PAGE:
Head for the Baltic Sea to follow the paths of wild Vikings, Russian conquerors and enterprising German merchants. A cruise is especially suited to the Baltic Sea, a 1,000-mile-long sea, as narrow as 50 miles between Helsinki and Tallinn. This offshoot of the Atlantic Ocean is bordered by Denmark, Finland, Sweden, Russia, Estonia, Latvia, Lithuania, Poland and Germany. Several cruise lines–Princess, Norwegian, Holland America and more–have varying itineraries, but Copenhagen, Stockholm, Helsinki, and St. Petersburg are almost always included. My husband and I chose Princess Cruise Line trip of ten days that called at seven ports, beginning and ending in Copenhagen.
We arrived three days early before the cruise embarked to spend time exploring this safe and compact city, which proved easy to navigate on foot and by bus. If you choose a Baltic cruise that allows only one day in Copenhagen, you will have to make some hard choices on what to see and what to save for another trip. Copenhagen’s city square, the Centrum, is a good focal point for mid-town touring. Say hello to famed writer Hans Christian Anderson, immortalized in bronze as you head for Tivoli Gardens, the 160-year-old amusement park. Even an hour here is a treat, to stroll past endless trees and flowers, fountains and lights.
You’ll also find thrill rides, classic play performances and mimes, concerts and marching bands. A few blocks away, the Danish National Museum houses archaeological treasures: preserved log coffins dating from 1350 B.C.; ancient rune-stones with hieroglyphic-like symbols; lavish gold and silver Viking hoards. On the run? Grab a guide for a couple of dollars: 10,000 Years in 60 minutes.
Nearby, Christianborg Palace sits atop the ruins of Denmark’s first castle (1167 A.D.). Both are open for tour. Across a canal, Nyhavn — “new town” for 18th century sailors — has canal boats for riding and outdoor restaurants that serve open-faced sandwiches and Tuborg beer.
Ships dock in Langeline Harbor, in sight of Denmark’s famous Little Mermaid statue. Join the crowd taking pictures, and then walk the park-like harbor area and to the Queen’s palaces. Back at the Centrum, shop for Royal Copenhagen porcelain in a 300-year old town hall on the Stroget, the closed-to-vehicles walking street.
The ship sailed in late evening followed by a luxurious day at sea with pools, spas and entertainment galore. Then, we were ready for the cruise line’s Adventures Ashore as we docked at the next six ports.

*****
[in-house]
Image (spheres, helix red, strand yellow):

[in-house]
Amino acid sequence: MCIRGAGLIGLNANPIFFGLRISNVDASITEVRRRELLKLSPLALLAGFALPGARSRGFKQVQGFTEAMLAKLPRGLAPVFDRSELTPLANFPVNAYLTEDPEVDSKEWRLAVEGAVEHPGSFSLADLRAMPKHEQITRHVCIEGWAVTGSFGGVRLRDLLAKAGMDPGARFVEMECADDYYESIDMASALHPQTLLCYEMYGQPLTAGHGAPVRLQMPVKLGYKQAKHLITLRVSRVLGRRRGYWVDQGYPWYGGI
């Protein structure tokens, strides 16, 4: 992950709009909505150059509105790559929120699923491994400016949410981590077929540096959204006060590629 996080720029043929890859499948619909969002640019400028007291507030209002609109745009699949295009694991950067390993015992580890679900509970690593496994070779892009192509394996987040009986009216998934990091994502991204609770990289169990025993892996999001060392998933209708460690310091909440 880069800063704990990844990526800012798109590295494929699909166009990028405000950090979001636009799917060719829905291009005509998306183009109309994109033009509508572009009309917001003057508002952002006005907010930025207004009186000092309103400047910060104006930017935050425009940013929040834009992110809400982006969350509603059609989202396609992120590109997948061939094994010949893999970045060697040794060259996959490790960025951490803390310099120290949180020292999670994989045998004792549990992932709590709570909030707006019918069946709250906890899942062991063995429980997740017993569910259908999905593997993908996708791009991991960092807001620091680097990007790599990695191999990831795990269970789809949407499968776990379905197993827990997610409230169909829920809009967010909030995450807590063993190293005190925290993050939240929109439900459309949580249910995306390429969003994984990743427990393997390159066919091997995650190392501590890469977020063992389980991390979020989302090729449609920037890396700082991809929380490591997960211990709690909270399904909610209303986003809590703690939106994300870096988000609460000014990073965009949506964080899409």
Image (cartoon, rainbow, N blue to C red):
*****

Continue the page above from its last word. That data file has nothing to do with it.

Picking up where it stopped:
Stockholm is comprised of fourteen islands and peninsulas connected by graceful bridges. Claims to fame and interesting to tour: the Stadhuset (city hall), where Nobel Prizes are presented; the ornately carved Vasa Ship, now in a museum, that was launched in 1628, sank the same day, and was preserved in harbor mud for 300 years; the Royal Palace (1691) and the changing of the guard; cobblestone streets of Gamla Stan, old town, bordered by ancient buildings filled with shops and inviting cafes. Across one of many bridges, there’s a modern shopping district…and Ikea.
Sweden founded the city in 1550 and built Suomenlinna, the largest sea fortress in the world, that’s now a UNESCO site. We took a catamaran around the fortress, and along Helsinki’s forested shoreline. We saw Helsinki residents standing on over-water platforms provided by the city, scrubbing their rugs in the sea water.
“Helsinki’s sea water is only .5 percent salt, and people wash the rugs with non-polluting soap,” the guide said.
“The Finns have clean water four miles out to the sea, but St. Petersburg (Russia) puts drain water directly into the sea. We are trying to educate them.”
The festive downtown marketplace, where we debarked the catamaran, beckoned with banners and accordion music and the scent of deep-fried Baltic herring. The Baltic herring season begins in mid-July. Huge, open vats of oil are used to deep-fry the fish, but big as they are, they still produce barely enough to keep up with the demand. People ate big red strawberries as they walked and shopped the open stands selling fur hats and jackets, fuzzy reindeer toys and skins and hand-carved wooden gadgets. As I was buying, I asked the young vendor where he was from. “Lapland,” he said.